Angel Bond – Definition and Explanation

Cite this article as:"Angel Bond – Definition and Explanation," in The Business Professor, updated March 7, 2020, last accessed August 14, 2020, https://thebusinessprofessor.com/lesson/angel-bond-definition/.

Back to: ECONOMICS, FINANCE, & ACCOUNTING

Angel Bond Definition

An Angel Bond is an investment-grade bond issued by companies with high credit ratings.

A Little More on What is an Angel Bond

The credit ratings of angel bonds vary. They can be rated AAA, Aaa, BBB, and Baa. Angel bonds that have AAA and Aaa ratings have high ratings, while those with BBB and Baa ratings have the minimum investment-grade rating. The S&P 500 and Fitch uses AAA and BBB while Aaa and Baa are used by Moody’s.

Even More of an Explanation of Angel Bonds

There are multiple factors that affect a bond’s rating, such as the performance of the bond and the financial status of the company that issues it. It is possible for a bond originally issued with an investment-grade rating to be downgraded to a junk bond if it falls below the investment-grade minimum rating. These angel bonds are known as “Fallen Angels”.

The credit rating assigned to a bond indicates its credit quality level as well as its credit risk. Typically, independent rating services and agencies assign credit ratings to bonds to avoid biases and other issues that might arise. The financial strength of a bond’s issuing company is also considered when awarding the credit rating.

Academics research on “Angel Bond and Fallen Angels”

Fallen angels and price pressure, Ambrose, B. W., Cai, K. N., & Helwege, J. (2011). Fallen angels and price pressure. We examine price pressure in a setting where trades occur because of regulations. Our study of fallen angel bond sales by insurance companies shows that price pressure is not significantly different from zero when information effects are absent. Our results confirm the prediction of several theoretical models that sellers will benefit from a higher price when they are able to separate themselves out to dealers as uninformed. We find that insurers do not attempt to hide their trades by selling bonds before they are downgraded, consistent with following a strategy of sunshine trading, as in Admati and Pfleiderer (1991).

Defaults and returns on high-yield bonds, Altman, E. I., & Bana, G. (2004). Defaults and returns on high-yield bonds. Journal of portfolio management30(2), 58.

Fallen angels: A separate and superior asset class, Fridson, M., & Sterling, K. (2006). Fallen angels: A separate and superior asset classThe Journal of Fixed Income16(3), 22.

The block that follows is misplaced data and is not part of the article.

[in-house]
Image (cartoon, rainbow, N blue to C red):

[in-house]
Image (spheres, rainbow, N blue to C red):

Testing conflicts of interest at bond rating agencies with market anticipation: Evidence that reputation incentives dominate, Covitz, D. M., & Harrison, P. (2003). Testing conflicts of interest at bond rating agencies with market anticipation: Evidence that reputation incentives dominate. This paper presents the first comprehensive test of whether well-known conflicts of interest at bond rating agencies importantly influence their actions. This hypothesis is tested against the alternative that rating agency actions are primarily influenced by a countervailing incentive to protect their reputations as delegated monitors. These two hypotheses generate a number of testable predictions regarding the anticipation of credit-rating downgrades by the bond market, which we investigate using a new data set of about 2,000 credit rating migrations from Moody’s and Standard & Poor’s, and matching issuer-level bond prices. The findings strongly indicate that rating changes do not appear to be importantly influenced by rating agency conflicts of interest but, rather, suggest that rating agencies are motivated primarily by reputation-related incentives.

Defaults and Returns in the High Yield Bond Market: The Year 2003 in Review and Market Outlook, Altman, E. I., & Fanjul, G. (2004). Defaults and Returns in the High Yield Bond Market: The Year 2003 in Review and Market Outlook. High yield bond defaults in 2003 declined significantly from record 2002 levels closing the year at $38.5 billion for a default rate of 4.66%. The fourth quarter s rate of 0.36% was the lowest quarterly rate since the fourth quarter of 1997. The default loss rate for 2003 also declined to just 2.76% based on a weighted average recovery rate of about 45% — a majorimprovement from the 25% levels of the prior several years. Fourteen of the 86 defaultingcompanies had issues that were investment grade sometime prior to default. These fallenangels accounted for 33% of defaulting issues and 46.3% of the defaulted volume in 2003.The high-yield bond market returned an impressive 30.62% for the year, the third highest one-year return since 1978 (when we first began tracking returns). The return spread over ten-year US Treasuries was a record high 29.4%, bringing the historic average annual return spread to 2.22% per year. The concurrent yield spread at year-end fell to 3.74%, the lowest year-end figure since 1997 and 4.82% less than one year ago. New issues in 2003 recorded anear record level of $137.4 billion; the vast majority was used for refinancing existing loan and bond issues.Based on our mortality rate methodology and assuming different measures of credit risk ofrecent new issuance, we expect default rates to continue their decline in 2004 to between3.2% – 3.8%, with rates increasing in 2005 to above 4.0%.

Was this article helpful?